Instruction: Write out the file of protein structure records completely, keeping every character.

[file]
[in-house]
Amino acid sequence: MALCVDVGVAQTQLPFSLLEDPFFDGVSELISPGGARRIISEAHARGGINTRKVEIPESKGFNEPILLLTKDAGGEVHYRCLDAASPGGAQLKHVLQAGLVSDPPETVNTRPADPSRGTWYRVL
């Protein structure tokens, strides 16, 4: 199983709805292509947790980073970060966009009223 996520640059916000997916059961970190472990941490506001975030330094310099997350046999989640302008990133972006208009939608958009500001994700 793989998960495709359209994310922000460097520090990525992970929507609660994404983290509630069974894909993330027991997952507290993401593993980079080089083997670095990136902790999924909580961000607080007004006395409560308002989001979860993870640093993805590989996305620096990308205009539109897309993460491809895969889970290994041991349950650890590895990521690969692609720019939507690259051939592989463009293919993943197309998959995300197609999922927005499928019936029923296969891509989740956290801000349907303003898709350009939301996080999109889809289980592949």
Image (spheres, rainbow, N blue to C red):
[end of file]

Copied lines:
[in-house]
Amino acid sequence: MALCVDVGVAQTQLPFSLLEDPFFDGVSELISPGGARRIISEAHARGGINTRKVEIPESKGFNEPILLLTKDAGGEVHYRCLDAASPGGAQLKHVLQAGLVSDPPETVNTRPADPSRGTWYRVL
């Protein structure tokens, strides 16, 4: 199983709805292509947790980073970060966009009223 996520640059916000997916059961970190472990941490506001975030330094310099997350046999989640302008990133972006208009939608958009500001994700 793989998960495709359209994310922000460097520090990525992970929507609660994404983290509630069974894909993330027991997952507290993401593993980079080089083997670095990136902790999924909580961000607080007004006395409560308002989001979860993870640093993805590989996305620096990308205009539109897309993460491809895969889970290994041991349950650890590895990521690969692609720019939507690259051939592989463009293919993943197309998959995300197609999922927005499928019936029923296969891509989740956290801000349907303003898709350009939301996080999109889809289980592949």
Image (spheres, rainbow, N blue to C red):